No Image

Protocol

Architecture

The Bowler communication system is designed to be a distributed processing system for micro-controllers and OS based computers. A Device's features are accessed usingBowler Remote Procedure Call (RPCs). These RPCs are then grouped together into Bowler Namespaces which serve as an interface to a specific sets of functionality(For example, IO manipulation and PID control) Each device is addressable using a IEEE standard MAC address that is unique to that device.

The protocol allows for the host to query a device for implemented name-spaces to allow for zero-configuration.

The network topology is an asymmetric star, with one host (Client) to N devices (Server). The connection between these elements is called a link.

Bowler Host

A Bowler Host lies at the beginning of a Bowler Link. It is the initiator of Synchronous Bowler Transactions and the recipient of asynchronous Bowler Packets

Bowler Device

A bowler device is an entity that lies at the end of a Bowler Link that and is involved in Bowler Transactions. It Implements a set of Bowler_RPCs divided into Bowler Namespaces. These RPCs allow a Bowler Host to manipulate and query the Device's state. State manipulations include such operations as Toggling an IO pin, or reading an ADC value.

A Bowler Device also sends Asynchronous Bowler Packets to the Bowler Host on the other end of the Bowler Link

Bowler Link

Introduction

A bowler link is bidirectional communications channel between a Bowler Host and a Bowler Device It is this link that Bowler Packets Traverse. IT is the medium in which Bowler Transactions occur.

Implementations

A bowler link can be implemented with any communications medium capable of transmitting data bidirectionally from one device to another. Neuron Robotics has implemented the following links.

Asynchronous Serial

The DyIO uses 115200 baud Asynchronous serial 8n1 and send the packets down the link one byte at a time starting from the first byte of the packet

Synchronous serial

TCP/IP

Packets sent over a TCP socket, In this implementation the socket server would be on the device and the socket client would be the master. An easy way to get a bowler device onto a network would be to use an existing ether-net to serial bridge like the [http://www.lantronix.com/device-networking/embedded-device-servers/xport.html XPort]

UDP/IP

missing wiki info

Bluetooth

missing wiki info

Communication

Communicating with the Bowler Communication System consists of sending packets from host to device to establish a link, then packets can be sent in either direction.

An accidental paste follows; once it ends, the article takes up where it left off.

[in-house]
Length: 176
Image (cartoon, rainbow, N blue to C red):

Bowler Transactions

Introduction

Communication between a Bowler Host and a Bowler Device consists of Bowler Transactions made up of Bowler Packets There are two types of transactions, Synchronous transactions and asynchronous transactions.

Synchronous Transactions

A Synchronous transaction is a transaction between a master and a device initiated by the master with the transmission of a Bowler Packet containing an RPC. The device, in turn, must reply with a packet containing the result of the RPC within 50ms. For Example, When the NRSDK requests the user assigned name of a device it sends a GET Request with the RPC "INFO". The host then has 50ms to respond with a POST response containing the name of the device.
[2011/01/21 21:42:45:414]  Debug : TX>>
	Raw Packet:	03 00 00 00 00 00 00 10 00 04 17 69 6e 66 6f 
	Revision: 	3
	MAC address: 	00:00:00:00:00:00
	Method: 	GET
	Direction: 	(0) Syncronous
	Session ID: 	0
	Data Size: 	4
	Checksum:	23
	RPC: 		info
	Data: 		69 6e 66 6f 

[2011/01/21 21:42:45:427]  Debug : RX<<
	Raw Packet:	03 74 f7 26 00 00 00 20 80 15 49 69 6e 66 6f 44 79 49 4f 20 4d 6f 64 75 6c 65 20 20 20 20 20 00 
	Revision: 	3
	MAC address: 	74:F7:26:00:00:00
	Method: 	POST
	Direction: 	(1) Syncronous
	Session ID: 	0
	Data Size: 	21
	Checksum:	73
	RPC: 		info
	Data: 		69 6e 66 6f 44 79 49 4f 20 4d 6f 64 75 6c 65 20 20 20 20 20 00 
Note, the name returned is the default name of " DyIO Module " (44 79 49 4f 20 4d 6f 64 75 6c 65 20 20 20 20 20 00)

Asynchronous Transactions

An Asynchronous transaction is a transaction the device initiates by transmitting a packet with an Asynchronous Transaction Type. The host does not respond. Asynchronous Transactions are typically initiated when the internal state of the device has changed (IE, battery connected) or when the device has been configured by a previous Synchronous Transaction to push new data to the host(Voltage on an ADC input has changed, ADC sample, etc..).

Bowler Packets

Introduction

Communication on a Bowler Link consists of the exchange of Bowler Packets between a Bowler Host and a Bowler Device . Packets may be sent by either the host or device during a Bowler Transaction

Packet Structure

The following table defines the structure of a Bowler Packet
Size Name Description
1b Protocol Revision The revision of the Bowler protocol to use
6b Target Device ID The IEEE OUI-48 MAC address of the recipient device
1b Packet Type Metadata pertaining to how the packet will affect device state. (POST,GET,STATUS,CRITICAL)
1bit Direction Flag Indicates the packet as a request or a response.
7bit /td> Namespace Collision Resolution Used to resolve namespace collisions
8bit Data Length The length of data to come including the RPC
1b Header Checksum The checksum to determine the validity of the packet
4b RPC The Bowler RPC call identifier
0b - 251b Data The rest of the data

Protocoll Revision

This field contains a version number that allows a bowler device to determine if it will understand the incoming message.